Foods to Leave Behind in 2009

As the old year winds down I offer up three things that I think we would do well to leave behind us as we turn to new resolutions and opportunities.

Cool Whip in a Can
From a Sunday coupon circular from earlier this fall, we see Cool Whip in a can. I haven’t looked for it on my grocer’s shelf, but I do wonder: does the spray version manage to retain the weird gelatinous consistency of the tub version?

Of course actual whipped cream is incredibly easy to make, and while I’m not sure what the Cool Whip can retails for I’m fairly confident you could produce a comparable amount of the real stuff for a lot less money and only a few minutes with a hand mixer. Of course regular whipping cream is not exactly low in fat, though its fat load generally doesn’t include trans fats. But which do you suppose is better for a healthy lifestyle: a small, controlled portion of a real food that you can savor, or larger and more frequent helpings of sugar-free and fat-reduced processed foods that encourage you to build your appetite for sweets and additives? (I couldn’t find product information about the canned variety on the Cool Whip site, so I couldn’t check whether it has the same ingredient list as found in the tub, which includes such yummy-sounding items as palm kernel oil and guar gum.)

Ore-Ida Steam n’ Mash


Well, at least this isn’t Potato Buds. Peeling and chopping potatoes is certainly more tedious than whipping cream, but if you’re that pressed for time are you really making the kind of meal that calls for mashed potatoes? I’m not a big fan of microwaving potatoes, but I tend to think that you could peel and dice potatoes yourself during the weekend, throw the cubes into the freezer, and then toss the cubes into a pot of boiling water if you want quicker-prep potatoes. Plus you’d get to control the amount of added salt.

The top section of the ad (cropped out) notes that this product is “already a Sandra Lee time saving favorite.” Ah, yes, the diva of Semi-Homemade products, aka shilling for processed foods with recipes that you could just as easily make yourself with real food. We’ll be getting to those in a future post.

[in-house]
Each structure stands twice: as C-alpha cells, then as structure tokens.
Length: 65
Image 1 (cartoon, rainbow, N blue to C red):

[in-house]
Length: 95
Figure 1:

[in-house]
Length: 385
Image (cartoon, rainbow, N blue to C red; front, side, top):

Finally, it loses points for punctuation. n’ is not a contraction of “and.” Or perhaps the product’s full name is “Steam no Mash”?

Hershey’s Kisses Mini Cookies
I picked these up at a gas station in June (thus violating Michael Pollan’s eminently sensible guideline, “Don’t get your fuel from the same place your car does”), but I couldn’t bring myself to open them and see what they were like. When I got home from my trip I set the bag on my desk to write about. Now it’s late December. I strongly suspect they’re just as palatable as they would have been in June, but I’m not going to find out.


I think that if you want Hershey’s Kisses you should eat them. I think that if you want chocolate-chip cookies you should find fresher ones from a bakery, or make them yourself (they’re probably the easiest cookie to make and customize). I think that if you take me on a road trip and don’t get me access to decent coffee within the first hour, you’re going to find that I make silly purchases like this one.

One Response to “Foods to Leave Behind in 2009”

  1. Sally says:

    Coming as I do from the Ida part of OreIda, and having driven by one of their main plants many, many times in my life, I would like to point out that n’ is a perfectly good contraction for and, as in” chips n’ salsa,” “Chip ‘n Dale,” and “M n’ M’s.”

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